Something Unexpected From 88 Film's Asia Collection: The Gifted

This one was a real pleasant surprise for me.  I was completely unfamiliar with The Gifted before they sent for me to review, and last I'd looked, I thought 88 Film's Asia Collection was all Shaw Brothers and Inframan flicks from the 70s.  But this is a contemporary (2014) Korean movie about, well, I couldn't even tell what.  Horror?  Drama?  Or some kind of thriller, according to the back of the box.  But the label's official description really doesn't tell you much at all - and even that turns out to be inaccurate - so I was really jumping in blind.  And as an old hand who's burned through a few video store selections in my time, that's become fairly rare these days.
Well, the first thing I have to report is that this movie is a slow burn. If you appreciate a good slow burn, you're in for a treat.  But if not, back out now, because this one is super slow.  For the first solid half of this movie, I was thinking, well, this is an interesting choice for 88 but they're really gonna take a bath on this title, because it's just an earnest indie drama about how hard it is to earn a living in modern South Korea.  A young man was laid off from his last position, and because he'd never been promoted before he lost that job, no new company wants to hire him.  We see him go from interview to interview, meanwhile getting increasingly stressed out when he's back at his apartment alone.  Meanwhile, his girlfriend wants to buy a small cafe, but doesn't realize they can no longer afford it.  Her little brother has resorted to stealing cell phones, and our protagonist winds up pursuing small, miserable jobs that don't pay enough to make ends meet.  That's like the first hour of this movie.
It's all well shot, the performances are grounded and convincing and he makes good use of music.  But if I have one real complaint about this movie, it's that the characters are too broadly drawn, which makes the slow pace of the first half genuinely boring.  Eventually everything's going to pay off in a grand way, but the characters are too simplistic to sustain the first portion.  The girlfriend wants to make enough money to live a comfortable life, and is concerned about her brother.  That's like all there is to her for a very long stretch.  There's a scene where the girl tells her boyfriend to return a handbag, she hasn't taken the tags off of it; and I thought, finally, one moment where she doesn't just follow the very simple, one sentence motivation her character's had all along.  She doesn't just want money; she's rejecting money.  You know, in the really good indie dramas or comedies, they can make a meal of this kind of material because there's lots of subtle and relatable layers to the people you're empathizing with on screen.  Here, you just start to feel like they're clarifying something that really didn't need any more explanation.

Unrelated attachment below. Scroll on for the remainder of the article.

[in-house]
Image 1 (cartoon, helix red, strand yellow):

So by now, I guess I've warded all of you away from this movie, but hang in there.  Like I said, the first half requires some patience, but it's still well made and the drama is painfully plausible.  And when this film finally takes its turn, it all comes together and starts to pay off in spades.  I won't spoil where it goes, but I'll say that this film definitely qualifies as a horror and makes an excellent spiritual successor to American Psycho (especially compared to the dreadful sequel it actually got).  No, it isn't satirical like AP, and it doesn't go after yuppies or any similar kind of archetype.  But it's a hard story that asks the question: why not respond sociopathically to a society that callously treats you completely mercenarily?  It's a powerful, disturbingly effective story, and you'll definitely be glad you took the ride by the end.
2018 UK 88 Films blu-ray.
88's blu of The Gifted, due to be released on the 28th, I believe marks this film's English-friendly debut on disc anywhere in the world.  This is a new(ish) film, and looks to have been shot on digital, so there's not too much at risk by way of the transfer, barring 88 doing anything foolish, which happily they don't seem to have done.  Their master is presumably a one to one copy of the filmmakers' DCP, so it looks just the way it's supposed to look, short of a 4k UHD edition.  And it does look just fine.  The picture is slightly matted to 1.85:1, and if detail is ever a little light, I assume that's down to the camera they used.  We're given the option of Korean 2.0 or 5.1 mixes, both in DTS-HD, with optional/ removable English subtitles.

There are no special features except for a 1.83:1 trailer with burnt in subs.  And the case features reversible artwork with an even darker, creepier design.
I've already shown this movie to a couple people, and they were quite impressed, too.  As much as any art can be judged objectively, I'd say The Gifted is an undeniably good movie.  But I have to admit the rewatchability's probably on the low side.  I really won't be surprised if 88 wind up taking that bath on this title.  But I hope they don't, because I'd love for them to surprise us again with more off-the-radar treats like this.

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